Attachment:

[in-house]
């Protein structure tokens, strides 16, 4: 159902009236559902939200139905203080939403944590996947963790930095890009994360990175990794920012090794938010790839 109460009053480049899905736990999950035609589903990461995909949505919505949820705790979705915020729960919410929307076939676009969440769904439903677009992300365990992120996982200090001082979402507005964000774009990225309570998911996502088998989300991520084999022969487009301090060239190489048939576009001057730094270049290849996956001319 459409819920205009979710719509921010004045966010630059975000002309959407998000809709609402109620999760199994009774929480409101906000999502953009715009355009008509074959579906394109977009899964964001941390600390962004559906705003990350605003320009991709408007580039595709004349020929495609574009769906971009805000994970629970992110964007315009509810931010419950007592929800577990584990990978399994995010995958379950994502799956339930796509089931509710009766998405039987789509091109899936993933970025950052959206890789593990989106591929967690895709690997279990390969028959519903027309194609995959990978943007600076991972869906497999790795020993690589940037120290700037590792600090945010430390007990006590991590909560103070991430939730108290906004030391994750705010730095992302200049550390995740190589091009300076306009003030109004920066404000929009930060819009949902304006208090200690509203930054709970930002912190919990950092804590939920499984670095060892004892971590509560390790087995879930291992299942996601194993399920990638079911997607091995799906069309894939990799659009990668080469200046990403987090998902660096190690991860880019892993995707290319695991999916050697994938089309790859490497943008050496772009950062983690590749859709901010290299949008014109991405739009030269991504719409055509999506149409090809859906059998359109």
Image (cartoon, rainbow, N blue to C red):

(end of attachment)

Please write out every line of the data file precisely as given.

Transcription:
[in-house]
């Protein structure tokens, strides 16, 4: 159902009236559902939200139905203080939403944590996947963790930095890009994360990175990794920012090794938010790839 109460009053480049899905736990999950035609589903990461995909949505919505949820705790979705915020729960919410929307076939676009969440769904439903677009992300365990992120996982200090001082979402507005964000774009990225309570998911996502088998989300991520084999022969487009301090060239190489048939576009001057730094270049290849996956001319 459409819920205009979710719509921010004045966010630059975000002309959407998000809709609402109620999760199994009774929480409101906000999502953009715009355009008509074959579906394109977009899964964001941390600390962004559906705003990350605003320009991709408007580039595709004349020929495609574009769906971009805000994970629970992110964007315009509810931010419950007592929800577990584990990978399994995010995958379950994502799956339930796509089931509710009766998405039987789509091109899936993933970025950052959206890789593990989106591929967690895709690997279990390969028959519903027309194609995959990978943007600076991972869906497999790795020993690589940037120290700037590792600090945010430390007990006590991590909560103070991430939730108290906004030391994750705010730095992302200049550390995740190589091009300076306009003030109004920066404000929009930060819009949902304006208090200690509203930054709970930002912190919990950092804590939920499984670095060892004892971590509560390790087995879930291992299942996601194993399920990638079911997607091995799906069309894939990799659009990668080469200046990403987090998902660096190690991860880019892993995707290319695991999916050697994938089309790859490497943008050496772009950062983690590749859709901010290299949008014109991405739009030269991504719409055509999506149409090809859906059998359109």
Image (cartoon, rainbow, N blue to C red):